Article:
After 26 years of ministry, a local pastor wrote that, “By far the most commonly recurring complaint I hear from married women is about phantom fathers who do not connect with their wives and children.”
Letter received from one wife
“The kids are in bed. There’s nothing on TV tonight. I ask my husband if he minds if I turn the tube off. He grunts. As I walk to the set my mind is racing. Maybe, just maybe, tonight we’ll talk. I mean have a conversation that consists of more than my usual question with his mumbled one-word answer, or, more accurately, no answer at all.
Silence – I live in a world with continuous noise but, between him and myself, silence. Please – oh God, let him open up. I initiate (once again; for the thousandth time). My heart pounds- oh, how can I word it this time? What can I say that will open the door to just talk? I don’t have to have a DEEP MEANINGFUL CONVERSATION. JUST SOMETHING!
As I open my mouth – he gets up and goes to the bedroom. The door closes behind him. The light showing under the door gives way to darkness. So does my hope. I sit alone on the couch. My heart begins to ache. I’m tired of being alone.
Hey, I’m married. I have been for years. Why do I sit alone? The sadness undergoes a change slowly – then with increased fervor I get mad. I AM MAD. I am sick and tired of living with a sissy. A wimp – a coward. You know, he’s afraid of me! Hostile, you say. You better believe it. I’m sick and tired of living in a world of passive men.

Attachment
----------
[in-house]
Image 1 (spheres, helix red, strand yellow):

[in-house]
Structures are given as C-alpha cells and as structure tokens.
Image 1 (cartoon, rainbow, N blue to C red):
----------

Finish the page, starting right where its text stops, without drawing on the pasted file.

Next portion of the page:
My two sons like sports. They’re pretty good. They could be a lot better if their Dad would take a little of his precious time and play catch with them. (I’m sorry, catch once a year at the church picnic doesn’t quite make the boys into great ball players.)
But Dad’s too busy. He’s at work. He’s at the health club. He’s riding his four-wheeler. He’s working on the car. He’s playing golf. He’s tired. He’s watching a video movie. So who plays catch with my boys? Me.
My husband says, “You shouldn’t be playing men’s sports.” So who’s going to do it? He says he will. But he doesn’t. Remember? He’s too busy satisfying himself, doing what he likes … So my poor sons have to be second-rate in sports. They could have been good. Really good. Yeah – I’m mad.
My daughter is a teenager. She likes boys. They notice her. They pay attention to her. She responds. I know what’s coming. I try to talk to her. But it’s not me she wants. It’s Dad. Yeah, Dad! If he’d just hug her, notice her, talk to her – just a little – she wouldn’t need those boys so much. But no … so she turns elsewhere for attention and love. And there’s nothing I can do.
A mom isn’t enough. Kids need a father. And not just a body, a passive, silent presence. And here’s the killer. My husbands father did the same number on him. Didn’t hug him. Didn’t take him to anything, let alone watch his baseball games. And he HATES his father. Now my husband’s doing the same thing. Will our sons grow up to be passive? Will they be cowards?”
It’s time to step up, grow up and be a good father!